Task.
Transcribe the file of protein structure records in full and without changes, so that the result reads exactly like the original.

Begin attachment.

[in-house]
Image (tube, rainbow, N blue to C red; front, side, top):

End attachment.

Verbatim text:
[in-house]
Image (tube, rainbow, N blue to C red; front, side, top):